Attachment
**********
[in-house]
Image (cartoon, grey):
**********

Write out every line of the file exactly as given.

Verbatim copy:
[in-house]
Image (cartoon, grey):